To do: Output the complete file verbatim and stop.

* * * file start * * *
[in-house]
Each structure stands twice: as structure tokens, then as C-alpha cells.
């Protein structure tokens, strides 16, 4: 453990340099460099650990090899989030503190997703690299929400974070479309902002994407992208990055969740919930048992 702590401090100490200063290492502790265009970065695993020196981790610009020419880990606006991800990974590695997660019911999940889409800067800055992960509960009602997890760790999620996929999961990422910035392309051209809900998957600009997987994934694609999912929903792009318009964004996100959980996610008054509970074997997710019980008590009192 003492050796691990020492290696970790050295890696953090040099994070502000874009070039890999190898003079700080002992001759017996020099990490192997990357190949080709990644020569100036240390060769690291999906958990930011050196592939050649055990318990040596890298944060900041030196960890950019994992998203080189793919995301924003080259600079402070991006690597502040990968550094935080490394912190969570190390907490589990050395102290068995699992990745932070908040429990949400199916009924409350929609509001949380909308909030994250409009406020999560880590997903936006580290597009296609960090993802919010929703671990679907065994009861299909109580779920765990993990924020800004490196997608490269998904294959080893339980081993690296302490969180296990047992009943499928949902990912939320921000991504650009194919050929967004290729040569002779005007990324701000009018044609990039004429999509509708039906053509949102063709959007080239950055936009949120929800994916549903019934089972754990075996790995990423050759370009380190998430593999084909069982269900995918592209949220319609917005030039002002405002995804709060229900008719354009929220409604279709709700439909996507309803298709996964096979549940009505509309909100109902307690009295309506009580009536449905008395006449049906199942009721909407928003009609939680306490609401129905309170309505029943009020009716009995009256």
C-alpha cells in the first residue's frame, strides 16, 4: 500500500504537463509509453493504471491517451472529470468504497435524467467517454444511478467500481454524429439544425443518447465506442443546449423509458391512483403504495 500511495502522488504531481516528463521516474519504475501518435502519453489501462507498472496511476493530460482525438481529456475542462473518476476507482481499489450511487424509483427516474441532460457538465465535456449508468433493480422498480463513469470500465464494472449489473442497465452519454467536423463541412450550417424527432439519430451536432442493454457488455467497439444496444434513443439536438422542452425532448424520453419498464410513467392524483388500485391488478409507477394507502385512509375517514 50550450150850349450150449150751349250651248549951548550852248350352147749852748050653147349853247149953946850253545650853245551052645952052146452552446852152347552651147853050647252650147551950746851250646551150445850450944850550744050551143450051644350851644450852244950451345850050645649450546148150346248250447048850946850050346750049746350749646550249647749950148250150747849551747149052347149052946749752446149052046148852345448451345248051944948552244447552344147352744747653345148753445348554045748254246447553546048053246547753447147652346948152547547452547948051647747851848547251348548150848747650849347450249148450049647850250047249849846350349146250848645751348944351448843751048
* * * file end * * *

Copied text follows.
[in-house]
Each structure stands twice: as structure tokens, then as C-alpha cells.
């Protein structure tokens, strides 16, 4: 453990340099460099650990090899989030503190997703690299929400974070479309902002994407992208990055969740919930048992 702590401090100490200063290492502790265009970065695993020196981790610009020419880990606006991800990974590695997660019911999940889409800067800055992960509960009602997890760790999620996929999961990422910035392309051209809900998957600009997987994934694609999912929903792009318009964004996100959980996610008054509970074997997710019980008590009192 003492050796691990020492290696970790050295890696953090040099994070502000874009070039890999190898003079700080002992001759017996020099990490192997990357190949080709990644020569100036240390060769690291999906958990930011050196592939050649055990318990040596890298944060900041030196960890950019994992998203080189793919995301924003080259600079402070991006690597502040990968550094935080490394912190969570190390907490589990050395102290068995699992990745932070908040429990949400199916009924409350929609509001949380909308909030994250409009406020999560880590997903936006580290597009296609960090993802919010929703671990679907065994009861299909109580779920765990993990924020800004490196997608490269998904294959080893339980081993690296302490969180296990047992009943499928949902990912939320921000991504650009194919050929967004290729040569002779005007990324701000009018044609990039004429999509509708039906053509949102063709959007080239950055936009949120929800994916549903019934089972754990075996790995990423050759370009380190998430593999084909069982269900995918592209949220319609917005030039002002405002995804709060229900008719354009929220409604279709709700439909996507309803298709996964096979549940009505509309909100109902307690009295309506009580009536449905008395006449049906199942009721909407928003009609939680306490609401129905309170309505029943009020009716009995009256």
C-alpha cells in the first residue's frame, strides 16, 4: 500500500504537463509509453493504471491517451472529470468504497435524467467517454444511478467500481454524429439544425443518447465506442443546449423509458391512483403504495 500511495502522488504531481516528463521516474519504475501518435502519453489501462507498472496511476493530460482525438481529456475542462473518476476507482481499489450511487424509483427516474441532460457538465465535456449508468433493480422498480463513469470500465464494472449489473442497465452519454467536423463541412450550417424527432439519430451536432442493454457488455467497439444496444434513443439536438422542452425532448424520453419498464410513467392524483388500485391488478409507477394507502385512509375517514 50550450150850349450150449150751349250651248549951548550852248350352147749852748050653147349853247149953946850253545650853245551052645952052146452552446852152347552651147853050647252650147551950746851250646551150445850450944850550744050551143450051644350851644450852244950451345850050645649450546148150346248250447048850946850050346750049746350749646550249647749950148250150747849551747149052347149052946749752446149052046148852345448451345248051944948552244447552344147352744747653345148753445348554045748254246447553546048053246547753447147652346948152547547452547948051647747851848547251348548150848747650849347450249148450049647850250047249849846350349146250848645751348944351448843751048